How to Go Phthalate Free: Why are Infants Consuming Twice the EPA Safe Level for this Chemical?


Our little ones are exposed to far too many chemicals in their daily life and much of that exposure comes from their diet. Phthalates, endocrine disruptors known to cause hormonal changes, are present twice as often as EPA considers safe for children. Meat, poultry in particular, as well as dairy were two of the main culprits in the study, which was published in the journal of Environmental Health. Parents should consider going phthalate free as much as possible.

“When the children’s toys were being brought up, it was specifically for kids mouthing a lot of plastic toys,” said Sathyanarayana, who is also an investigator at the Seattle Children’s Research Institute. “Now that we have more information and the research has evolved, we know [there are] other sources.” In addition to diet, those would be dust tracked into homes by everyday foot traffic and the creams and lotions used mostly by women for personal care.

Researchers looked at 17 different studies on the subject and pitted four types of diets against each other: a diet high in fruits and vegetables, a meat and dairy based diet, a balanced diet, and the standard American diet. Chemical content was measured in each, and not surprisingly, the high fruit and vegetable diet had much lower, safe levels of phthalates and the high meat and dairy diet had far too many chemicals. While the standard American diet was safe for adults, it wasn’t safe for infants.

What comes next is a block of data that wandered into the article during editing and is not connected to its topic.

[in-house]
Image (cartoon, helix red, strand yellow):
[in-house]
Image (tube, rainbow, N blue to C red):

What’s the take away here? Try and go phthalate free as much as possible. Foods that are processed are full of BPA and phthalates that come from the packaging. Eat fresh fruits and vegetables rather than canned whenever possible. Use glass instead of plastic for microwave cooking, serving and packaging, especially meat and dairy. Never heat foods up in plastic containers and avoid handling receipts, which can be laden with chemicals like BPA. Additionally, buy toiletries and sunscreen that are free of chemicals like BPA, phthalates, and parabens.

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